Forget the fact that the status of running back Willis McGahee and fullback Le’Ron McClain are in question. Oh, they are still important factors that need resolving too, but even with the two Pro Bowlers and featured back Ray Rice on the roster in 2010, the running game dropped from fifth in the league in yards per attempt (4.7) to 25th (3.8).

Thus, solving the rushing puzzle is more complex than simply filling the holes that McGahee and McClain could leave behind.

“The job of pumping up their running game, which slumped in 2010, isn’t nearly so simple,” wrote BaltimoreRavens.com’s John Eisenberg. “There are multiple moving parts, numerous issues and complex subtleties to weigh. The task reminds me of the message on the passenger-side mirrors of cars: objects are closer than they appear. Yes, trickier than it looks.”

It will be tricky, yes.

But tricky or not, the key to improving the running game remains the same.

“The Ravens will have to find a way to get some solidification [on the offensive line],” Mihoces definitively concluded.

In an in-depth look at the Ravens, Mihoces also explored four other questions the team will face when its 2011 campaign begins:

  1. Can the Ravens get over the hump against the Pittsburgh Steelers?
  2. Can quarterback Joe Flacco become one of the league’s elite?
  3. Can the defense put more heat on the passer?
  4. How much does linebacker Ray Lewis have left?

Does Bulger To Dolphins Make Sense?

The speculation on where Ravens pending free agent quarterback Marc Bulger could land next season continues.

With the Bulger-to-Cardinals talk going cold, one of the newest ideas is to put Bulger in a Dolphins uniform.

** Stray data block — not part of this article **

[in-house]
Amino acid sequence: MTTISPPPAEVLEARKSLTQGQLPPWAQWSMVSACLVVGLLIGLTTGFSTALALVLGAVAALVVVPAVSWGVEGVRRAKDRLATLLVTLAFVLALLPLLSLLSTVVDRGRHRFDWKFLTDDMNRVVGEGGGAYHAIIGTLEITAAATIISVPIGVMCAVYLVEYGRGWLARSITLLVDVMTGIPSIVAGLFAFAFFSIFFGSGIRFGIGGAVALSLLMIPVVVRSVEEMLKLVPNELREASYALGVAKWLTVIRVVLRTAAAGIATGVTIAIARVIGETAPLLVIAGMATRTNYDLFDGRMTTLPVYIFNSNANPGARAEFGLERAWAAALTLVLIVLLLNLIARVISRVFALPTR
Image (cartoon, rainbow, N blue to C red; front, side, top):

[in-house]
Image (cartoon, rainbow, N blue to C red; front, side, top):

Both NFL Network’s Jason La Canfora and Miami Herald columnist Armando Salguero agree that is a possibility.

The last time Salguero saw Bulger play was in 2008 as a St. Louis Ram, and at the time the columnist thought Bulger looked worn down and maybe even done with the game. But La Canfora shed a little light on the 10-year veteran’s current disposition.

“I have some pretty good sources on the Ravens,” he said. “When I talked to people there they were very impressed with Bulger. They told me when he’s on the field and running the offense, the ball often doesn’t hit the ground … They believe he’s going to be a very good quarterback in 2011. They would love to keep him in Baltimore as the backup but they think someone will sign him to┬ácompete to start or be a bridge quarterback and a pretty good one at that.”

If that’s the case, Salguero sees how Bulger could be a boost to the Miami offense.

“Bulger makes sense for Miami because he does have plenty of experience,” he wrote. “He has had time to recover from the beating he suffered in 2008-2009. He won’t require draft choice compensation. He won’t be extremely expensive to sign. He is not exclusively a West Coast offense guy like McNabb and others. And the last time someone took a chance on a seemingly washed up former St. Louis QB [Kurt Warner], it paid off handsomely.”